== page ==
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Extension > Yard and Garden News > Garden Calendar for August

Garden Calendar for August

Contributor: David C. Zlesak, University of Minnesota Extension Educator

Water bags are a great tool to apply water to newly planted trees as it allows the water to slowly penetrate the soil instead of running off. David ZlesakAlthough most of Minnesota has received some rain recently, we are still well below average for the year.  Continue to water plants as needed.  Containerized plants and recently transplanted trees, shrubs, and herbaceous perennials have limited root volumes from which to draw mo isture and needed to be checked frequently for their need of supplemental water.  For most situations it is best to water deeply and thoroughly less often than providing frequent shallow water applications that don't penetrate the root zone.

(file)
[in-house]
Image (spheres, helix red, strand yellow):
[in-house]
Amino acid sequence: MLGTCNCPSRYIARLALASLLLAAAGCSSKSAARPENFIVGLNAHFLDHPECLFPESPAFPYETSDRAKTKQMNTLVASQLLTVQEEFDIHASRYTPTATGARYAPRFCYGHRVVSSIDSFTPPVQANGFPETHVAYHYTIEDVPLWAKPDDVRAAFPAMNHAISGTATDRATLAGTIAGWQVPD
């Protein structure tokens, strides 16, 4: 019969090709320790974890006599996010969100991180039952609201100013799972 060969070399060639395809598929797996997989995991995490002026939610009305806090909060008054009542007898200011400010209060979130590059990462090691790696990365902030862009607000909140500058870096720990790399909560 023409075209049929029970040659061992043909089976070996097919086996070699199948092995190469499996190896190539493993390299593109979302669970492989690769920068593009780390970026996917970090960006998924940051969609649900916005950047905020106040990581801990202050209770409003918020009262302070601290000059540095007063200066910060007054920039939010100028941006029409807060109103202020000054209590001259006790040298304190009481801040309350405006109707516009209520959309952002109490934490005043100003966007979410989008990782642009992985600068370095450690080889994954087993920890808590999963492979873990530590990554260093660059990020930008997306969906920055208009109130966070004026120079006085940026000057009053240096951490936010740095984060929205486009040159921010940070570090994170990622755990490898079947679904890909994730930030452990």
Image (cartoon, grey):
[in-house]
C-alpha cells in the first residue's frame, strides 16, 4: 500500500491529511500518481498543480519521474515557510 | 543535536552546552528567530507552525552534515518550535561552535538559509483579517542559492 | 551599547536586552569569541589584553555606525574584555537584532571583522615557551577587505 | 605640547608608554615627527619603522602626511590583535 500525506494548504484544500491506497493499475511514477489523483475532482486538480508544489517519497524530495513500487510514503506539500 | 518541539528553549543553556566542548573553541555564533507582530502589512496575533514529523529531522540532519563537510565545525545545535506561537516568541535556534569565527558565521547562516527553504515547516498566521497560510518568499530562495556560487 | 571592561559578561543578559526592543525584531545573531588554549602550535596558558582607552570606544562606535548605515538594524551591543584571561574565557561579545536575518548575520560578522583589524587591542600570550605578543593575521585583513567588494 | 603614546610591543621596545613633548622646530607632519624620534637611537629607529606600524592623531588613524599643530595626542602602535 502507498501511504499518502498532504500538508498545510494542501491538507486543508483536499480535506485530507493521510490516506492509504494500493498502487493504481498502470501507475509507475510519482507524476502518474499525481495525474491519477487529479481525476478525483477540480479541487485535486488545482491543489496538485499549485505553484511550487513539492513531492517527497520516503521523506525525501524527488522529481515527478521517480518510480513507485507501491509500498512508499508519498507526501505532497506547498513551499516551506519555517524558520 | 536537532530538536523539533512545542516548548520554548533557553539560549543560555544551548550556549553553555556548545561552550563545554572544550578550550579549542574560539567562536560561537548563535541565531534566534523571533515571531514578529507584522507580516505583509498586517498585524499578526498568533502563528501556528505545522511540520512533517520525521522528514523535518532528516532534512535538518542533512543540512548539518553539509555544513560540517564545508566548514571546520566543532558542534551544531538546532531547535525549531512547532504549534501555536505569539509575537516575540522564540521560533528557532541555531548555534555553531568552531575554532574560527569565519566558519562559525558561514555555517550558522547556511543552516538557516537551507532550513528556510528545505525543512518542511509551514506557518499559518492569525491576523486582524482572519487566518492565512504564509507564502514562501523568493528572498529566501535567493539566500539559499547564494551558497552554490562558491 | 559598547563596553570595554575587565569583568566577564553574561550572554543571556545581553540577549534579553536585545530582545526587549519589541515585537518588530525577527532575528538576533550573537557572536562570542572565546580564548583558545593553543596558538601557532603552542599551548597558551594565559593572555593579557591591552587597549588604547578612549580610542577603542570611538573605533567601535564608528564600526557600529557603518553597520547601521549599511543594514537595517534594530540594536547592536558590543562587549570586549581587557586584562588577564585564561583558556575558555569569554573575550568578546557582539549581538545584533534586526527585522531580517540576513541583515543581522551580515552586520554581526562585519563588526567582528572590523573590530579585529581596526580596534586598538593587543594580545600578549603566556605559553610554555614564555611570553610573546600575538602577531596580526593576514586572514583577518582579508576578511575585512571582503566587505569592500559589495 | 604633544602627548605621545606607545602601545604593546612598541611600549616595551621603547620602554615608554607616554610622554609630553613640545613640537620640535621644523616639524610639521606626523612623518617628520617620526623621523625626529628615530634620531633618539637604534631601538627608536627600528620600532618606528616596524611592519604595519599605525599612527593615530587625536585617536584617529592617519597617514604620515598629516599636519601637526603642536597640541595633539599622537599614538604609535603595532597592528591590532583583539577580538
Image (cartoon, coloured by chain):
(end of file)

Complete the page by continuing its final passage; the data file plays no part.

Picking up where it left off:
Thumbnail image for Early August is a good time of year to divide bearded iris. David ZlesakAs we enjoy all the bounty of the summer season in our gardens, keep an eye out for pests.  Frequently scouting the garden for pests when we are out enjoying our plants anyways can help us become aware of a problem before it goes out of hand and we can realistically have a chance to effectively intervene.  Pests can include insects, microorganisms (fungi and bacteria), and other wildlife such as rabbits or deer.

Early August is a great time of year to divide and replant bearded Iris and also purchase new plants.  The leaves can be cut back in order to make them look more attractive and reduce some of the water demands and stress on the recent division.  Plants will put out additional roots before winter sets in.  Keep the iris rhizome (swollen stem part that serves as a storage organ for the plant and grows parallel with the surface of the soil) at the soil surface and slightly exposed.  For more on iris, please visit www.extension.umn.edu/distribution/horticulture/M1267.html

Careful pruning and traininig of tomatoes helps with light penetration to fruit and ripening. David ZlesakFor indeterminate tomatoes, continue to train the plants and prune out unnecessary side branches to allow more light and energy to be devoted to the maturing the developing fruit.  With the cool summer, tomatoes are developing and ripening slower than in recent years.

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